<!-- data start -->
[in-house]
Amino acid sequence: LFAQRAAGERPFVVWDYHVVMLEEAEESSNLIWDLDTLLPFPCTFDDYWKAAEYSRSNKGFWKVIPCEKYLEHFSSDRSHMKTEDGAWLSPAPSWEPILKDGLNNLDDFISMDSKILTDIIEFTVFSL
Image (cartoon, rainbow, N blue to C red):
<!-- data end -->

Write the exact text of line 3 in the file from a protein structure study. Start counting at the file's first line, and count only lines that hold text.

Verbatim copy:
Image (cartoon, rainbow, N blue to C red):